--Leveraging existing enterprise architectures for evolving IoT needs

With most IoT solutions currently being written from scratch, the need for a horizontal platform seems obvious.

How Java Fits In
Noel Poore then showed how Java is the best fit for IoT, emphasizing that his focus was on the IoT with Java and not the Java Internet of Things. In a situation so fragmented with different device drivers, chip sets, operating systems and so on, the availability of a platform that allows developers to move code around with little worry about which device is running it is ideal.

Managing 50 billion devices sensibly and scalably constitutes a huge challenge. Poore presented a conceptual architecture with the pieces that need to be in place for a horizontal IoT platform to work. This would enable developers to build solutions based on platform rather than rebuilding the solution every time a different IoT problem must be solved. The conceptual architecture begins with wireless and wired sensors feeding into an initial gateway which feeds into a core network; in addition smart sensors may bypass the initial gateway and go directly to the network. The network feeds into an IoT communication gateway, which in turn feeds access management, IoT management and data routing and analysis. The first of these two feed into identity access and management, while data routing and analysis is sent to enterprise business and business intelligence to attempt to gain value from the data.

Suri closed by summarizing the take-home points of the session:

* IoT technologies are a “Wild West” full of proprietary implementations and a highly fragmented vendor ecosystem.
* Java enables an open and standards-based secure IoT platform that seamlessly integrates devices with enterprise applications.
* But significant innovations are needed across the platform and the ecosystem products to make this vision a reality.
* The good news is that Java is ahead of the curve, and very well positioned to become the de facto platform for IoT applications.

Look for podcasts of JavaOne sessions at Parleys.com starting in early October.

Tuesday Apr 30, 2013

Everything on the NetBeans Platform

NetBeans Principal Product Manager Geertjan Wielenga describes a myriad of software tools and applications in his blog in fields as diverse as biology, security, airport management, data analysis, data modeling, radiology, home automation, retail, and equipment safety - all of them created on the Netbeans Platform:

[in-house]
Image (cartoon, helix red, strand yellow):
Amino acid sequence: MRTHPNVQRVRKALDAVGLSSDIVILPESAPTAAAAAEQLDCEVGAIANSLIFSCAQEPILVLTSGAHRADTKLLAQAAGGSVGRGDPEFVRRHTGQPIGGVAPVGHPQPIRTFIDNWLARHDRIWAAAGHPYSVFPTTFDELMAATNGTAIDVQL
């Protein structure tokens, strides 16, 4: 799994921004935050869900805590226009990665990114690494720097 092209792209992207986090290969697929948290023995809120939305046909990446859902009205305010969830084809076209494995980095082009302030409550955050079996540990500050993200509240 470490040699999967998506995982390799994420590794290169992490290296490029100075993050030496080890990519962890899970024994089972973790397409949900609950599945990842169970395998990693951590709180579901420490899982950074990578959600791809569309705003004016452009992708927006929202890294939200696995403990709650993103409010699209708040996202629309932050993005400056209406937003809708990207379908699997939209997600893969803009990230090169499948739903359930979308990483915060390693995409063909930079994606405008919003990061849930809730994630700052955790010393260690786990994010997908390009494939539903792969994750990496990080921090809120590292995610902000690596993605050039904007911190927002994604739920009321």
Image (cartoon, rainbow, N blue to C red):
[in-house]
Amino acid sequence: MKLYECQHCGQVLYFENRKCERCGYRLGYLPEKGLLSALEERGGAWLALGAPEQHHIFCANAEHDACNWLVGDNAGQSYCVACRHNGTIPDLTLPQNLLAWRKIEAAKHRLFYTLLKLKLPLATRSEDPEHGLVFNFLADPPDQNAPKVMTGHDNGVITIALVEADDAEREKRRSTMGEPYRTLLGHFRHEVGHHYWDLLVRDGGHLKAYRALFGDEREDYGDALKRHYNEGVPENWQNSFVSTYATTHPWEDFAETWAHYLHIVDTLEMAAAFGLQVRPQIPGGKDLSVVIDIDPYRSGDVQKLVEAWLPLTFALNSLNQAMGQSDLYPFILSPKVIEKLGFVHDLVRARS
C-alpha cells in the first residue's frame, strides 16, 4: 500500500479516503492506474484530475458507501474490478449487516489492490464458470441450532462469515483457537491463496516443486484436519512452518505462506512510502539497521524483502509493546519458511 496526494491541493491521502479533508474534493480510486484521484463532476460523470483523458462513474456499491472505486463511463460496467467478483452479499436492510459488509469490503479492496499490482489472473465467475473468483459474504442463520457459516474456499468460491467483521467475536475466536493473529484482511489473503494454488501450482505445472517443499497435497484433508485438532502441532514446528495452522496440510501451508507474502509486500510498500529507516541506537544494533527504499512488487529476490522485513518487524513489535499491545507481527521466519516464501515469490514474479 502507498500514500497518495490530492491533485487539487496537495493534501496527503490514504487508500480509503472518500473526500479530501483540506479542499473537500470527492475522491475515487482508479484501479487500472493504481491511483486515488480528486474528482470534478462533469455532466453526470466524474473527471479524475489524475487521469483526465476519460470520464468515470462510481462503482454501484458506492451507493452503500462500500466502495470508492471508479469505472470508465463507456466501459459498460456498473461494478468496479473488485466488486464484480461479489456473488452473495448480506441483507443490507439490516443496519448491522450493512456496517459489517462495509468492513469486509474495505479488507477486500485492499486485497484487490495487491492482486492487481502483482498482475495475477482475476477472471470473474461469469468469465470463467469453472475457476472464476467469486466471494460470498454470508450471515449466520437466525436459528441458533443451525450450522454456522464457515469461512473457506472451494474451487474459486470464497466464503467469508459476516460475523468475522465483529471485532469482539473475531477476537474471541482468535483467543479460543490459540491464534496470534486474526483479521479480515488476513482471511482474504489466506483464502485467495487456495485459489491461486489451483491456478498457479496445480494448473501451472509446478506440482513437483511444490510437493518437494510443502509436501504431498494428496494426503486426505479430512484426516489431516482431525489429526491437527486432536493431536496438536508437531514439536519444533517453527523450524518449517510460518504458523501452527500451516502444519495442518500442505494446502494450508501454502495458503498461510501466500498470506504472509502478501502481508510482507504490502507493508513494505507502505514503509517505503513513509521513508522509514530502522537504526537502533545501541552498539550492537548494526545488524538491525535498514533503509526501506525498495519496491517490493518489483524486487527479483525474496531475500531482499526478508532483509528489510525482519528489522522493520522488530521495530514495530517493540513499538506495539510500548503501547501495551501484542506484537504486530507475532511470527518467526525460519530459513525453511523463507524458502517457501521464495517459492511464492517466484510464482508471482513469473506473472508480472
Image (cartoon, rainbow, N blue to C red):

• Alphalogic, an easy to use tool with high level integration, control and monitoring for engineering systems and security systems 
  • Platypus Application Designer, a tool to develop the structure of database applications, reusable SQL queries and client/server applications
  • Sypherlink Harvester, a tool collecting metadata, database statistics, sample data and more in relational and non-relational data sources
  • Total Airport Management (TAM) 
  • Summit Management Systems, an data acquisition and floor plant monitoring tools for assembly processes
  • Integrated Service Technology, a testing and analysis solution for integrated circuits 
  • DigiMed, a radiology software for hospitals in Mexico 
  • Ksenia, a security system configuration software 
  • Vimar, a home automation management software 
  • Phyloviz, a visualization software tool for Phylogenetics
  • Delcam Crispin, a footwear CAD/CAM software 
  • Autopsy, a digital forensics platform
  • Sristy Technologies, a software solutions to analyze seismic data, drilling, completion and reservoirs for the energy sector
  • HEIDE, a multiprocessor microcontroller platform 
  • SIEUFERD, a universal user interface for relational databases 
  • Polaris Slipstream, an extensive data modeling application designed for NASA Mission visualization
  • MammoControl DIANNA, a tools analyzing and transmitting managraphy images for the German Breast Cancer Screening Program 
  • IGS-Bio, a motion capture software application
  • Klinika Medical Assistant, a EMR software used in the Philipines 
  • A series of software from Satlantic, an ocean technology company 
  • Mongkie, an integrated network visualization platform for biological data 
  • 4Vending, a vending machine management solution 
  • Piraso, an open source debugger and analyzer tool 
  • SafetyMach, a European safety requirement software 
Check his blog for details on each project. 


Monday Oct 17, 2011

And The Winners Are.......The Duke's Choice Award

On Sunday evening, Oct. 2, at the JavaOne Open House, Oracle welcomed and celebrated the 2011 Duke's Choice Award winners, all talented developers who have demonstrated extreme innovation in the creation of Java-powered applications.

Drum roll: And the winners are...

Arquillian Project - Arquillian is a platform for simplifying Java integration testing.  We transparently handle the pesky scaffolding like server startup, framework initialization and deployment - leaving you to focus on the task at hand: writing your test logic.

• dooApp - Infiltrea is an end-to-end solution, built with JavaFX and Java Platform, Standard Edition (Java SE), designed for green building professionals whose job is to measure the air tightness of buildings.

Inductive Automation - Ignition is a Java-based web application that includes a business scorecard to integrate different manufacturing machines using a central web-server. It creates systems that cover the full spectrum between Human Machine Interface (HMI), Supervisory Control and Data Acquisition (SCADA) and Manufacturing Execution System (MES), enabling rapid project development and deployment.